The statue of Captain John Parker, on the Lexington Common at the intersection of Bedford Street and Massachusetts Avenuen, around 1900-1901. Image courtesy of the Library of Congress, Detroit Publishing Company Collection.
The scene in 2018:
As discussed in more detail in the previous post, the Lexington Common is famous for being the site of the first battle of the American Revolution, which occurred here on April 19, 1775. Early on that morning, a group of some 80 Lexington militiamen gathered here on the Common, in preparation for the arrival of a large British force headed for Concord. In the short skirmish that followed, the militiamen, under the command of Captain John Parker, exchanged fire with the British. The result was eight dead militiamen and another ten wounded, compared to only one wounded redcoat. The British continued on to Concord, but the confrontation here in Lexington marked the opening shots of the conflict that ultimately led to American independence.
Captain Parker survived the battle, although his cousin Jonas Parker was among the eight who were killed. However, the 45-year-old Parker was dying from tuberculosis at the time, and the disease ultimately took his life less than five months later. Despite his short service in the war, though, he is regarded as one of the heroes of the battles of Lexington and Concord, in part because of his famous—but possibly apocryphal—command to his men prior to the battle, instructing them to “Stand your ground. Don’t fire unless fired upon, but if they mean to have a war, let it begin here.”
In 1884, these words were inscribed on a boulder on the Lexington Common, which marks the spot where his militia company stood during the battle. Then, in 1900 Captain Parker became the subject of another memorial here on the Common, which is shown in this scene. Officially known as the Hayes Memorial Fountain, it originally featured a water fountain and a watering trough for horses, and it was topped by a bronze statue of Captain Parker. The statue was the work of noted sculptor Henry Hudson Kitson, although Parker’s appearance was largely conjecture, as there are no surviving portraits of him.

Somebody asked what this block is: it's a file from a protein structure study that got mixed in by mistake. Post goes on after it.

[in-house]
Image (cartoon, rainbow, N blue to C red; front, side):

The monument was dedicated on April 19, 1900, on the 125th anniversary of the battle. The ceremony included an address by town selectman George W. Sampson, who praised the egalitarian nature of its design, noting:
The drinking fountain itself, built of rough breastwork stone, is emblematical of the spirit of equality and democracy. Best of all, the figure itself carries us back to the historic past and teaches the lesson of April 19. The statue is true to life. No aristocratic figure surmounts yonder heap of rocks, and none were in the battle.
The first photo was taken sometime within a year or two after the dedication. It shows the fountain in the center of the scene, along with several other monuments on the Common. In the distance to the left is the stone pulpit, which marks the site of the town’s first three meeting houses. Just behind this pulpit is an elm tree that had been planted by President Ulysses S. Grant some 25 years earlier, as part of the battle’s centennial celebration. However, probably the most notable feature in the first photo, other than the statue, is the large 45-star flag that is flying above the Common.
Today, around 120 years after the first photo was taken, the statue remains a prominent landmark in downtown Lexington. The fountain itself is no longer in use, perhaps because there is now far less demand for horse watering troughs, and the basin is now used as a flower planter. There are also now a number of shrubs planted around it, but otherwise the monument itself has not seen any changes. Further in the distance, the stone pulpit is also still there, although President Grant’s elm tree is long gone, having probably fallen victim to Dutch Elm Disease at some point in the mid-20th century.